tl;dr> Patterson Brown, in particular, has argued the disunity within the Nag Hammadi Corpus. That's about the best you're going to get without defining a positive corpus, as opposed to the inverse of the canon.
The problem with answering this question is that you are asking a question akin to "Are the books not on the NY Times Best-seller list as unified as the ones that are?" At a very basic level, of course you can say that the Acts of Thecla doesn't harmonize well with the Gospel of Judas. One is popular orthodox fiction, the other is Gnostic.
To posit that every other book has some sort of cohesion is problemmatic, because "Gnostics" especially in the time of Paul and the early church, were as diverse as that heterodox entity that became the church. Furthermore, Gnostics weren't the only heterodox "false teachers" out there. Judaizers, Docetists, Marcionists, and others wrote their own books. Marcion in particular may or may not have shared Gnostics views - but his existence alone would show there is not unanimity amongst the non-canonical Scriptures.
The real question then, isn't "Do non-canonical books all agree?" but rather are there things present in the canonical ones that aren't in everything else.
There are marks of canonicity that are widely accepted, but the inverse leaves "everything else." That there should be a presumption of harmony in "everything else" is a hard thesis to make in any endeavour, let alone canonicity.
It is also useful to actually read the supposedly "suppressed" Scriptures. When you do, the differences become obvious.
To answer your question directly, then, I would invite you to check out one Gnostic "Gospel" - probably the most famous - The Gospel of Thomas. Rather than focusing on its harmony with other Gnostic Gospels (discussed below), it is probably more fruitful to understand the exact nature of its disharmony with canonical Scripture. By understanding what it does and does not purport to do, anyone should be able to see what message if any is being "Suppressed(TM)" and why.
In reading that Gospel (its short - just 115 verses), a few salient facts will jump out.
Unlike the four canonical Gospels, Thomas does not purport to give any sort of chronology. It is merely a list of the sayings of Jesus. To ask "does this line up with the account of the Gospels" is akin to asking if Gen. Custer's shopping list lines up with his battlefield report prior to Little Big Horn.
There is actually substantial overlap between the actual actual sayings that are recorded, and those found in the canonical Gospels. Rather than showing some kind of conspiracy theory that the early church tried to "Supress(TM)" these, reading it belies the Truth that there isn't anything that is "covered up." Rather, the wheat is already recorded in the Gospels, and the chaff- those parts peculiar to the Gospel do line up with what the majority of the church did accept.
John - the disciple who most stressed love ("Little Children let us love one another") - actually made the criteria explicit in canonical Scripture. (Again, it's a bit of a chicken and egg, because nobody actually said 'This is good, this isn't quite as good' until much later). He wrote in 2 John:
7 I say this because many deceivers, who do not acknowledge Jesus Christ as coming in the flesh, have gone out into the world. Any such person is the deceiver and the antichrist. 8 Watch out that you do not lose what we[a] have worked for, but that you may be rewarded fully. 9 Anyone who runs ahead and does not continue in the teaching of Christ does not have God; whoever continues in the teaching has both the Father and the Son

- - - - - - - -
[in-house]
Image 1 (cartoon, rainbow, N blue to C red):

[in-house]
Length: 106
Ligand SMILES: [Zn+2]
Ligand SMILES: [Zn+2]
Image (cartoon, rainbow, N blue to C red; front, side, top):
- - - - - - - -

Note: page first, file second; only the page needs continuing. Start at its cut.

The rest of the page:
This would directly contradict Thomas, who records Jesus as "saying":
"If the flesh came into being because of the spirit, it is a wonder. But if the spirit (came into being) because of the body, it is a wonder of wonders.
This Gnosticism - that Jesus only appeared to flesh directly countered what the majority had "received and been taught." It wasn't evil, it was just wrong. There are "churches" that teach that "God hates fags." The overwhelming majority of Christians have rejected their writings as well. This was just an error that the majority of the church rejected. One should not be surprised if the corpus of Republican Presidential platforms is not in harmony with those of the Democrats. This is exactly why the two corpi are distinct.
The church, holding to what it had been taught and received likewise rejected this notion - and equally preserved their false writings to show it.
The traditional marks of canonicity - apostolic authorship, harmony with the received message, fidelity to the person of Jesus (again as understood by the church at the time) are simply missing in everything Gnostic or Apocraphyal. As such, these were rejected.
The result, one can show the disharmony between everything that wasn't accepted and everything that was canonical. The most famous compilation of Gnostic Scriptures - the Nag Hammadi Library is available online, and oddly enough, was perserved (once found) through the Coptic church. Other collections in the past have been available to scholars who read them. Reading them is fruitful to understand the heresies and false teachings against which the church contended in the early centuries.
But to presume everybody who disagreed with the church in exactly the same way is unreasonable. Patterson Brown, in particular, has argued the disunity within the Nag Hammadi. He posits the three most famous (Thomas, Peter, and "Truth") actually differ from the others in being closer to accepting the incarnation. He points to his proof in the linked article.
Still, the skeptic needs to define what the criteria for study is. There are differences to be sure, but finding universally accepted truths in any of the corpora is difficult indeed.